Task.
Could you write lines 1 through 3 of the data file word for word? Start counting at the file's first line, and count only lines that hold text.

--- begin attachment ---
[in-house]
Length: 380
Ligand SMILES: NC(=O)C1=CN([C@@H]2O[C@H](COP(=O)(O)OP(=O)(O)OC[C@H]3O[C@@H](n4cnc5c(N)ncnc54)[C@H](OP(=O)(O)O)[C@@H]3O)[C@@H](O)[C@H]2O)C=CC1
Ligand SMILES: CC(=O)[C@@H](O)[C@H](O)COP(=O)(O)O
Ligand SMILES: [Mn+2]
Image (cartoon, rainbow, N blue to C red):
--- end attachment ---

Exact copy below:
[in-house]
Length: 380
Ligand SMILES: NC(=O)C1=CN([C@@H]2O[C@H](COP(=O)(O)OP(=O)(O)OC[C@H]3O[C@@H](n4cnc5c(N)ncnc54)[C@H](OP(=O)(O)O)[C@@H]3O)[C@@H](O)[C@H]2O)C=CC1